In Tehsil Bazaar there was another street called Bhabron ki Tharrian, in which lived three brothers, Khawaja Rahim Bakhash, Khawaja Karim Bakhash and Khawaja Amir Bakhash.

          Since the three were venerable gentlemen of modest means, they could not become public figures but they were the leading lights of the literary meetings held at Hakim Shahbaz Din's baithak .

          The Khawaja brothers had an eye for talent and had a forthright style of literary criticism. They chiselled many young men of their time into writers and poets of recognised ability. Allama Iqbal would never read any poem from a public platform unless he had shown it to the three brothers. Poems Nala-i-Yatim , Hilal-i-Eid, Tasvir-i-Dard, Sham-o-Shaair  were first approved by the meetings of the Anjuman-i-Himayat-i-Islam.

          Khawaja Rahim Bakhash's son, Kahwaja Ferozuddin, Barrister-at-Law was Allama Iqbal's brother-in-law ( ham-zulf ). He made a name for himself as a great lawyer.

          Khawaja Abdul Majid, the author of the voluminous dictionary, Jame-ul-Lughat , was Khawaja Karim Bakhash's son. The dictionary is a proof of Majid's wide range of knowledge and understanding. One wonders how could he take time out of his numerous official engagements to author this magnificent book, which is a treasure trove of Urdu literature.

          Across the street where the Khawajas lived, resided Pundit Raghbir Dyal Jotshi and Dr. Hira Lal. The Pundit was an expert astrologist consulted by Sir Shahabuddin and thousands of others from all corners of the Punjab, who flocked to his house for a full fifty years.

          Dr. Hira Lal was a renowned surgeon of his day. The allopathic system of medicine had not yet caught on but even so, Dr. Beli Ram, Dr. Hira Lal, and Dr. Nihal Chand, Dr. Rahim Khan, and Dr. Mohammad Husain were known names in the Lahore of Hakim Ahmad Shuja's youth.

          In Dr. Hira Lal's neighbourhood lived Dr. Daulat Ram who was known for his affectionate treatment of Muslims. He wouldn't charge any fees from even well to do Muslims. He used to say: "Rich Muslims are also poor while Hindus, even if poor, are rich. I get all the money I need from my Hindu patients."

          Dr. Daulat Ram was an eye-specialist. His father, Lala Kirpa Ram, was the first man in Lahore to set up a lens-making factory. He had learned the art of lens making from Dr. Caleb who translated the Gita into English. Lala Kirpa Ram took great pains at having it published. According to some critics, says Hakim Ahmad Shuja, Caleb's translation is much better than Lokmania Tilak or Annie Besant's efforts.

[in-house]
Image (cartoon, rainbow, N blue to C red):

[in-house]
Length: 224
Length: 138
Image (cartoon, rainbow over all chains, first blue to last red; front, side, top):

Ahead of Tehsil Bazaar and near Bazaar Said Mittha lived Rai. Sahib Lala Madan Gopal and Pandit Prabhu Dat Shastri. Both were Hakim Ahmad Shuja's teachers. The latter was endowed by God with a great intellect. He had done his master's in several subjects but Sansikrit and philosophy were his main areas of interest. He did his doctorate in Germany and was appointed Principal of the Oriental College, Lahore, in 1912. Soon afterwards, however, he joined the Indian Education Service and left for Calcutta.

          Rai Sahib Madan Gopal taught the English language at the Central Model High School in Lahore but later became Headmaster of the Railway Technical School where he died with his boots on.

          In 1885, Ahmad Shuja's father, Hakim Shujauddin, laid the foundations of the Bazm-i-Mushaira, held every week at the house of Ahmad's elder brother, Hakim Aminuddin. The poetry read there was published by the monthly Shor-i-Mehshar , edited by Dr. Mohammad Husain's son, Khan Ahmad Husain Khan who was himself a novelist, a writer and a poet of merit. He later brought out a magazine, Shahab-i-Urdu  that became greatly popular in literary circles.

          There were two groups of poets who used to confront each other at these weekly mushairas ; one was led by Mirza Arshad Gorgani who belonged to the Delhi School and the other by Mir Nazir Husain Nazim who preferred the Lucknow style. This Delhi-Lucknow clash used to remind people of the days of Anis and Dabir. It is interesting to note that in those days, a Mirza and a Mir joined literary battles even in the Punjab.